Vice chairman Michael E. Rossi said he will leave BankAmerica Corp. by June 30, becoming the third top banker to resign since David A. Coulter took over as chief executive last winter.
Mr. Rossi, 52, said he plans to give up banking altogether and pursue, among other things, a career as a writer of mystery novels.
"This is a chance for me to do some traveling and some things that I never had enough nerve to try to make money from," Mr. Rossi said.
Mr. Rossi, a 10-year veteran of the company, oversaw commercial lending and several other areas. He played a key role in integrating Continental Bank Corp., which BankAmerica acquired in 1994 as a beachhead for corporate business in the Midwest.
His departure, analysts said, could have ripple effects throughout the company. Specifically, it could help clear the way for Mr. Coulter to name someone to the strategically crucial post of retail chief. The post has been left open since former vice chairman Luther S. Helms left the bank on Oct. 31.
Observers pointed out that some of Mr. Rossi's duties, including oversight of trust and asset management, may be put under the retail chief, bolstering the appeal of that job.
Mr. Rossi's move is the latest in a series of changes in top management.
"Coulter wants to get his own guys in there," said a local consultant familiar with the bank. "At these levels, chemistry plays a big part in the way businesses work, and I suspect that the chemistry and bonds just weren't there" between Mr. Coulter and Mr. Rossi, the consultant said.
Lewis B. Coleman, former vice chairman and chief financial officer, was the first to defect after Mr. Coulter was appointed CEO. Mr. Coleman, now a managing director at San Francisco-based Montgomery Securities, had been viewed as a likely successor to former BankAmerica chairman Richard M. Rosenberg. And Mr. Rossi was considered an ally of Mr. Coleman.
Mr. Helms, the former head of California retail, was another top contender for Mr. Rosenberg's position.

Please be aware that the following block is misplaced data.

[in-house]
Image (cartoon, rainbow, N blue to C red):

"None of these changes are really that surprising considering that most of them probably aspired to be in the driver's seat there," said Campbell Chaney, a banking analyst with Sandler O'Neill Partners. "Plus, a lot of these guys were put in by Rosenberg, so Coulter has to build his own team around him."
It's unclear whether Mr. Coulter will fill Mr. Rossi's post or parcel out the duties to other managers. In the meantime, many eyes are on the retail post, which is responsible for the lion's share of the company's business.
Currently, the job is being filled by Thomas E. Peterson, a vice chairman who has said he will retire this year as soon as the company can replace him. Mr. Peterson would be the fourth member of the nine-member managing committee to resign under Mr. Coulter's tenure.
Possible candidates from outside include Leslie S. Biller, a Norwest Corp. executive vice president credited with building up that bank's retail initiatives. Mr. Biller is a BankAmerica alumnus who worked with Mr. Coulter in the mid-1980s.
Analysts also suggested Edward A. O'Neal, who will soon be leaving Bank of Boston Corp. Mr. O'Neal was a vice chairman in charge of retail at the Boston bank, and he previously spent 23 years at Chemical Banking Corp. as head of consumer banking.
Within BankAmerica, Barbara J. Desoer, the group executive vice president in charge of California retail, may also be on the inside track, observers said. She has moved up quickly within the bank, rising from district manager just five years ago.
Liam E. McGee, who preceded Ms. Desoer in the California retail job but is now executive vice president of support services, is also a contender, observers said.
Meanwhile, Mr. Rossi said he is set to enjoy his new life at a recently purchased home in Monterey, where he plans to write a mystery novel set in post-World War Two Hawaii. He also plans to develop a screenplay and learn to play the guitar professionally, perhaps in a local jazz trio, he said.
"I guess when you're a Berkeley liberal, you're a Berkeley liberal," said Mr. Rossi, who was a 1966 graduate of the college.